Mutual Funds Versus ETFs – Which Is Better?

For many decades now, retail investors looking to get into the stock markets, without picking individual stocks, had only one way to do so. Mutual Funds. However, over the past half decade or so, another star has risen in the investment world.

Learn how Electronic Traded Funds (ETFs) are changing the retail investing landscape.


Anyone who is invested in a pension plan or other retirement savings vehicle – such as a 401K – is likely to have Mutual Funds as part of their investments. These are dynamic investment vehicles that give investors, with small amounts to invest, a broad exposure to the bond and equities market.

  • They hold a large number of individual stocks/bonds – sometimes hundreds or even thousands
  • They leverage economies of scale, which makes buying and selling individual stocks more cost effective
  • They allow individual investors with little capital to buy stocks and bonds in companies with high unit prices
  • They enable you to buy fractions of stocks frequently – e.g. half a stock of Apple Inc each month – and build a sizable position in that company over time

Depending on the focus of the Mutual Fund, these baskets are built out of niche stocks in a specific area. For instance, a Global Small Cap Mutual fund will only contain stocks from global small cap companies; a Corporate Bond Mutual Fund will only hold company bonds. Investors can therefore hold several “baskets”, each with different focus (Small Caps, Large Caps, Growth stocks, Dividend payers, Value stocks etc.) to build a diversified portfolio.


When ETFs first entered the scene several years ago, they were looked upon with skepticism. Mutual Fund managers widely criticized them, even going so far as to say they were a passing trend that would not survive. But time has proven that ETF’s are here to say, so much so that leading Mutual Fund companies have now started offering ETFs as well!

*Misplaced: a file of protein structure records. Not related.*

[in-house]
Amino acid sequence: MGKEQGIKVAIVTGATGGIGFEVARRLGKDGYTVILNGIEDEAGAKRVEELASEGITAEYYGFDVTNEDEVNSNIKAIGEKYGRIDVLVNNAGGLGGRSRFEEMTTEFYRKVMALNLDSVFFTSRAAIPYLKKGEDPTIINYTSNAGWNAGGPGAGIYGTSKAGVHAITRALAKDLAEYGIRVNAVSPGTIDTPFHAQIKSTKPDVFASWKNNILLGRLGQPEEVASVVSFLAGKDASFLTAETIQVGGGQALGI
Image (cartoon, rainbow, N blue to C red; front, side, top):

So what are ETFs? Well, for the most part, they embody all four of the main characteristics of Mutual Funds that we highlighted above. However, they have two very important characteristics that make them more attractive to retail investors:

  • Firstly, unlike Mutual Funds, you can buy and sell an ETF just as you would a common stock. The buy/sell price of a Mutual Fund is determined at the end of a trading day, while that of an ETF is posted like a regular stock, making it more convenient for DIY investors


  • Most importantly though, is the cost factor. ETFs have made it extremely cost effective for small investors to buy, own and sell them – making them a much cheaper alternate to Mutual Funds. In many instances, an ETF will cost several percentage points less in Management Expense Ratio (MERs)/fees than a comparable Mutual Fund
Source: Investment Company Institute


These two qualities have made ETFs extremely popular as an investment vehicle. According to research from the Investment Company Institute, the latest statistics show that net issuance of ETFs have ballooned to $1.12 billion in the week of April 20th 2016, compared to $416 million of capital flows into Mutual Funds during that same period.



While ETFs are definitely here to stay, it does not necessarily mean they will displace Mutual Funds all together – at least not in the near term. A truly balanced portfolio could be built from using diverse investment vehicles, including both Mutual Funds and ETFs. The trick however is:

  • Analyze your investment goals and objectives
  • Search for an ETF (or three!) that will help you meet those objectives
  • Look for equivalent Mutual Funds that have the same/significant similar profile
  • Compare the costs, performance and benefits of each product

There is therefore no need to put all your eggs in a single basket. Using this approach, investors can’t go wrong with selecting the best vehicle on a cost-performance basis.








Die besten News per E-Mail
Melden auch Sie sich für mehr Infos an!